Making pizza has been a bit of an obsession between we sisters. Twenty years ago, while Juliette and I and her son were living together in a new apartment complex in suburban Phoenix, we made pizza for the first time shaping the homemade dough on a perforated pan and baking the sausage and vegetable pie in an electric oven. I made the yeasted dough in a food processor using a recipe from Abby Mandel's Cuisinart Classroom (Cuisinart Cooking Club 1980) and prepared a cooked tomato pizza sauce from "The New Basics Cookbook" by Julee Rosso and Sheila Lukins (Workman Publishing 1989). Much has changed since then, but what has stayed the same is cooking pizza at home is a rewarding and fun experience.
You can probably tell where this story is going... it wasn't long before we began experimenting with sourdough pizza. I'd usually just add sourdough to my regular yeasted dough for extra flavor. It was Juliette who made the jump to cold fermentation - a long, slow rise in the refrigerator - for an extra tasty dough. She also happened to stumble across Jeff Varasano's website that introduced her to a process called autolyse (rhymes with analyze.) The way Jeff lays everything out is somewhat confusing, but all the information is there and explained in detail - just Google his name to find his site. The good news is that the autolyse technique works wonders with both yeasted and naturally leavened doughs and works just as well for pizza as it does for French bread.
After further investigation, we discovered that the autolyse technique was developed by the late chemist and baker, Raymond Calvel who was a mentor to Julia Child. The method is used by bakers to make better bread with less work. It couldn't be simpler. Vigorously mix a portion of the flour and water together, and then let the mixture rest giving the flour time to absorb the water. The result is the dough develops long strands of gluten and is more pliable. The dough requires less flour creating a wetter dough that is beneficial for baking pizza in an incredibly hot environment whether it is in an oven or on a grill.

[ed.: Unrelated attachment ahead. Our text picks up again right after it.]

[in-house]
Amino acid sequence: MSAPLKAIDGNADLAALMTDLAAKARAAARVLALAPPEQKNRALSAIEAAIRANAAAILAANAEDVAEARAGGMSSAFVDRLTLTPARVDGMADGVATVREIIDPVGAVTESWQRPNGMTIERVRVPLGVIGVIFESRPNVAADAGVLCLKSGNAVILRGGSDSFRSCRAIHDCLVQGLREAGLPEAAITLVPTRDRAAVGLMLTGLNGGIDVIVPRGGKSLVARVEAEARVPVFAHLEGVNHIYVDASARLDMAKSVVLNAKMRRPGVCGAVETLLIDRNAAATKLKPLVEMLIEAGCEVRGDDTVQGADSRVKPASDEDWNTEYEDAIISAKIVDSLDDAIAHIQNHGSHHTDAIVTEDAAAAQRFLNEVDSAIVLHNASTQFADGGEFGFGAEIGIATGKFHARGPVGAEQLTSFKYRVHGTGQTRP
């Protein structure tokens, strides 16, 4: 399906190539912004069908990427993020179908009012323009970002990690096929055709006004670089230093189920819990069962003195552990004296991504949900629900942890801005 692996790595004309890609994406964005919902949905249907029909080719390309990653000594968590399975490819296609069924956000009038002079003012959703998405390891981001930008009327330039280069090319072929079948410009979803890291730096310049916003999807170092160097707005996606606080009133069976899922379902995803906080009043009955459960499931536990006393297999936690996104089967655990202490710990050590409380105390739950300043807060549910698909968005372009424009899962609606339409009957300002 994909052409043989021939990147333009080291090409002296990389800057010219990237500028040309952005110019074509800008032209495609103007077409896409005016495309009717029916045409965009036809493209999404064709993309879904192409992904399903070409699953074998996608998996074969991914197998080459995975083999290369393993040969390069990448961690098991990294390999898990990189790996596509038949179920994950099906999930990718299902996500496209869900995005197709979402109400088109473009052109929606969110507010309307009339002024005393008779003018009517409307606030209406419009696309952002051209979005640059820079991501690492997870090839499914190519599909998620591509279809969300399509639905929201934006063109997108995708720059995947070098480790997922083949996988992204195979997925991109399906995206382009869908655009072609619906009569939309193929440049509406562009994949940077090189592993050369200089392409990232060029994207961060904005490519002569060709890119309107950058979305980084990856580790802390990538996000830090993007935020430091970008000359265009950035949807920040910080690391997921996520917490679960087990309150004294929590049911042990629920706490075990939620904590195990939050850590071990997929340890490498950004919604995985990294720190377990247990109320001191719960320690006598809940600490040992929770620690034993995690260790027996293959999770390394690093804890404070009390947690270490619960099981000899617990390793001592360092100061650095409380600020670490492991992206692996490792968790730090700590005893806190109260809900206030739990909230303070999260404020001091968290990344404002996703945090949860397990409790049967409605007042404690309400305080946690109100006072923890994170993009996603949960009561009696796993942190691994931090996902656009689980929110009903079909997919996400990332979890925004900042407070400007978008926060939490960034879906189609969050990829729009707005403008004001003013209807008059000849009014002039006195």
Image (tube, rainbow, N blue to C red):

The autolyse technique has yielded such wonderful results that we have adjusted all our yeast bread recipes to incorporate it. For such little effort, autolyse yields great flavor and texture. With all the characteristics that folks typically want in an exceptional pizza - light, but chewy crust, with big air pockets and it crunches when you cut it or bite into it -give it a try and see the difference for yourself.
You can make excellent pizza at home using your gas grill, a pizza peel and a baking stone. Our best pizzas are baked using a Pizza Que Grill Stone, a baking stone that rests in a raised metal tray that sells via on-line and retail stores for about $90. The grill, with the stone, quickly preheats in about 10-15 minutes; much faster than a conventional oven. The Pizza Que can also be used in combination with smoking chips to provide extra smoky flavor approximating a wood burning oven. My only wish is that the stone will someday be available in a double wide version so we may grill two pizzas at the same time.
Juliette continued on with developing her own incredible sourdough recipe that took a year and a half of diligent testing to perfect. She is now a pizzaoili in Bisbee, Arizona and cooks and bakes professionally for a living. We on the other hand, may wake up late on a Saturday and want pizza for an early dinner. If you are a patient person, the following recipe can also undergo a 24-hour rise in the refrigerator to maximize flavor. The choice is yours. Ready, set, go, let's cook pizza.
This recipe was adapted from "Trattoria Grappolo" by Leonardo Curti and James O. Fraioli (Gibbs Smith, 2007). The lively bistro is located in the Santa Ynez Valley, our former home, nestled in the central coast of California, directly over the hills from Santa Barbara. "The Valley", as we refer to it, was brought to larger national attention by the film "Sideways". If you find yourself playing tourist in the area, walking through the windmill dotted village of Solvang, or wine tasting in the surrounding vineyards, seek out Trattoria Grappola for a meal. Chef Curti's Italian creations will surely make you swoon like us. The food is simply superb.
Freshly Made Thin Crust Pizza Dough
1-1/2 cups warm water about 115°F
1 pound + 1 cup unbleached all purpose flour, divided - King Arthur®, preferred
1/2 cup warm water about 115°F
1 package dry active yeast